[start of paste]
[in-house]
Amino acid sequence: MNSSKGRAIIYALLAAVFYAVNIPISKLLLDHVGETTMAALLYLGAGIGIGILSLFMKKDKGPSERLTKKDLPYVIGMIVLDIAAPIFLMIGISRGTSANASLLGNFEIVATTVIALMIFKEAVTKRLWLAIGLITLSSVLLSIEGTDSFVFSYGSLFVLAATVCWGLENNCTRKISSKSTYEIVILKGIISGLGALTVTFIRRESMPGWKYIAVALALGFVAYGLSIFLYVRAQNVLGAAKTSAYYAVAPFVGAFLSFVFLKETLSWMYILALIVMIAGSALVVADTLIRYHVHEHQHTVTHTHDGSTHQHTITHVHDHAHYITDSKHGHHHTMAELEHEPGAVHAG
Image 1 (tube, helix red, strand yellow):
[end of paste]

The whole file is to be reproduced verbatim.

[in-house]
Amino acid sequence: MNSSKGRAIIYALLAAVFYAVNIPISKLLLDHVGETTMAALLYLGAGIGIGILSLFMKKDKGPSERLTKKDLPYVIGMIVLDIAAPIFLMIGISRGTSANASLLGNFEIVATTVIALMIFKEAVTKRLWLAIGLITLSSVLLSIEGTDSFVFSYGSLFVLAATVCWGLENNCTRKISSKSTYEIVILKGIISGLGALTVTFIRRESMPGWKYIAVALALGFVAYGLSIFLYVRAQNVLGAAKTSAYYAVAPFVGAFLSFVFLKETLSWMYILALIVMIAGSALVVADTLIRYHVHEHQHTVTHTHDGSTHQHTITHVHDHAHYITDSKHGHHHTMAELEHEPGAVHAG
Image 1 (tube, helix red, strand yellow):